Pain, gain and enjoyment all part of return for Miley

© Euan Duff for Scottish SwimmingHannah Miley.
Hannah Miley.

Hannah Miley admits she’s still battling through the pain as her comeback from ankle surgery continues.

Triple Olympian Miley, 29, has been in action at the Scottish Open Championships in Aberdeen this weekend, with victory in her favoured 400m individual medley among her results.

A medal winner at world, Commonwealth and European level, the Inverurie athlete has had a testing few months.

After 400m IM silver at Gold Coast 2018, she went under the knife in December to end two years of ankle pain, caused by an extra – and damaged – ligament.

Rehabilitation followed, before she bagged bronze at the British Championships to narrowly miss out on qualification for next month’s World Championships.

After taking victory at Aberdeen Aquatics Centre in a time which was more than 15 seconds off her 400m IM British record, Miley admits her recovery is ongoing.

She said: “There’s a little bit of discomfort there still and I’m still working on that to get rid of it.

“My body can heal as quickly as it can heal. If I could turn it off and go ‘right that’s it back to normal’ that would be great.

“But I just have to keep working towards it and keep working on my rehab, doing what my physio says and making it work for me.

“There’s gym stuff and in the water as well, trying to get that range and fluidity back.

“I can get the range, it’s just the natural flow and feel. I used to have very floppy feet, so to have a slight bit of tension or stiffness in it (the ankle) makes a big difference for me.

“It’s all about the marginal gains and subtleties to it.”

Her involvement in the championships which are taking place in the Sports Village Aquatics Centre training base is aimed at keeping her racing skills sharp as her physical capabilities return.

She said: “I know it’s not my max or where I want to be at.

“I definitely will be a lot better than that – but it (racing) helps me focus on my competitive skills when I’m fatigued.

“It’s all for the bigger picture, getting myself back into it, focusing on the processes and just enjoying it.

“I enjoy being part of the team and getting on the block to race.

“Regardless of the mental or physical state I’m in, racing’s the most important thing for me.”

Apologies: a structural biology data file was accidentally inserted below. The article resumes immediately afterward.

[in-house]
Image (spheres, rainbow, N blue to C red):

There’s been no taper, but Miley feels she’s in better shape than at the British Championships in Glasgow, when she finished behind Commonwealth champion Aimee Willmott and Abbey Wood.

Miley’s mindset has also changed as she looks forward.

She said: “It’s definitely moving in the right direction, feeling a lot better and feeling a lot more like myself compared to last year.

“I’ve definitely been disrupted since the surgery and it’s been an eye-opening journey for me to this point.

“I’ve no idea if it’s going to work or if it’s not, but I’ve kind of made the decision to see but enjoy it at the same time.

“I’m not putting as much pressure on me as I have in previous years and I’ll just enjoy the ride.

“Swimming’s been everything for me, but I’m allowing myself to enjoy it for what it is.

“Sport’s given me a lot, not just the medals and the podiums, there’s more to it.”

Her stated aim for the rest of the year is to be “happy and healthy and ready to just keep going”, and earlier this week Scottish national coach Alan Lynn hinted to the Evening Express Miley could make a fourth Olympics in Tokyo next year.

Miley is also an ambassador for the European Short Course Championships, at Tollcross in December.

She would love to compete in Glasgow, at an event where she has medalled multiple times and won the 400m IM in 2009 and 2012.

“It would be awesome to be selected. I’m obviously not in control of who gets selected or how the selection policy is,” she said.

“We won’t know until October or November time, so I’ll do what I can in the summer.

“It will probably be based on summer performances.

“At the end of the day it’s out of my hands. If I get selected, added bonus, but it doesn’t change anything for me.

“I’m just trying to promote swimming and getting people to buy tickets.

“We won’t have many opportunities to compete in Scotland and we’re such a good home crowd.”

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